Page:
a. A set of matching outer garments, especially one consisting of a coat with trousers or a skirt, often worn on formal occasions.
b. Slang A person, especially an executive, who wears one of these garments at work.
2. An outfit worn for a special activity: a diving suit; a running suit.
3. A group of things used together; a set or collection: a suit of sails; a suit of tools.
4. Games Any of the four sets of 13 playing cards (clubs, diamonds, hearts, and spades) in a standard deck, the members of which bear the same marks.
5. Attendance required of a vassal at his feudal lord's court or manor.
6. Law A lawsuit.
7. The act or an instance of courting a woman; courtship: She was inclined to accept his suit.
v. suit·ed, suit·ing, suits
1. To meet the requirements of; fit: This candidate does not suit our qualifications.
2. To make appropriate or suitable; adapt: builders who suit the house to the owner's specifications.
3. To be appropriate for; befit: a color that suits you.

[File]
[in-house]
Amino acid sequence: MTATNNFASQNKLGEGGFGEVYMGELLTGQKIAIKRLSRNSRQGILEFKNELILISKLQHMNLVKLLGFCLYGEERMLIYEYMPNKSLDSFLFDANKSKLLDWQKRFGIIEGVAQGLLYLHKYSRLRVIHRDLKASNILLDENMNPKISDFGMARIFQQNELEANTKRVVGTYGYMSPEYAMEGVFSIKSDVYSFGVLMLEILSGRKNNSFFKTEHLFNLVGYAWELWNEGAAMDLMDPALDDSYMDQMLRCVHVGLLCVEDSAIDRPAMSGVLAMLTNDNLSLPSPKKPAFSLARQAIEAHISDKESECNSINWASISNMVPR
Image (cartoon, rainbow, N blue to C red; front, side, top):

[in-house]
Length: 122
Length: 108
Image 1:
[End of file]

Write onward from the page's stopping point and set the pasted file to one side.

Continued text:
4. To please; satisfy: a choice that suits us all.
5. To provide with clothing; dress: The NCOs suited the recruits in green uniforms.
1. To be suitable or acceptable.
2. To be in accord; agree or match.
To put on clothing designed for a special activity: suits up in shorts for a jog.
[Middle English sute, from Anglo-Norman, from Vulgar Latin *sequita, act of following, feminine of *sequitus, past participle of *sequere, to follow, from Latin sequī; see SUITOR.]
The American Heritage® Dictionary of the English Language, Fifth Edition copyright ©2018 by Houghton Mifflin Harcourt Publishing Company. All rights reserved.